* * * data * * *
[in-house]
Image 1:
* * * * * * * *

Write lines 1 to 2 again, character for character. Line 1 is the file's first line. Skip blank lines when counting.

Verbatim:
[in-house]
Image 1: